02/17/10
Insects and other foods the trout may be eating:
1.   Blue-winged Olives
2.   Little Black Winter Stoneflies
3.   Streamers - matching sculpin, baitfish and small crayfish
4.   Midges

Weather and Stream Conditions
At the time I am writing this, 5:30 AM, it is 27 degrees and there are a few sprinkles
of snow. It should stop this morning and the temperature reach a high of 37.
Tomorrow it may reach as high as 40 degrees with a low tomorrow night of 21
degrees.

Friday it may reach 45 degrees in Gatlinburg and be partially sunny but only until
Friday night when a small chance of rain turning to snow is forecast. The low should
be around 28 for Friday night. What this means is that none of the snow in the
mountains, and there is a lot of it, is going to melt before this weekend. Saturday
they are calling for a 30% chance of snow changing to rain during the day and a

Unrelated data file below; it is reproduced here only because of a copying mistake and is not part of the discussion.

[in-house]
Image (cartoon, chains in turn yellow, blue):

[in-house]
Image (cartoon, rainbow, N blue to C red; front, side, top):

high of 45. That means the water temperature will still be around 40 degrees at the
most. It should be a beautiful time to be in the mountains, provided any roads are
open.

Destinations:
I had some email response about the Gibbon River yesterday, so I will add another
Yellowstone National Park stream, or group of streams I should say, to our
destinations. Check out
Straight, Winter, Panther, Indian and Obsidian
Creeks. These are on the plateau in the area of the Gardner River headwaters.
They are all little meadow streams that are full of brook trout. It is a good place to
stop just to make sure you can catch a trout because if you don't, you should never
go trout fishing again.


Basics of Fly Fishing - Trout Food Series - Fishing Streamers - Part 2
In yesterday's article, I mentioned that trout, as well as many other species of fish,
will eat a streamer for reasons other than food. We are all aware of that during the
spawning season but they will also attack a streamer for other reasons. They will
attack one for territorial reasons. I guess you could call most other strikes that were
not for the purpose of eating food, reflex action strikes but it may be more to do with
a protective instinct. Some think they sometimes strike a fly from a curiosity
standpoint. I question the curiosity reasoning. What I  know for certain is that they
will sometimes hit a streamer when the streamer appears right in front of their nose,
even in very cold water.  
Part 2 on Streamers

Copyright 2010 James Marsh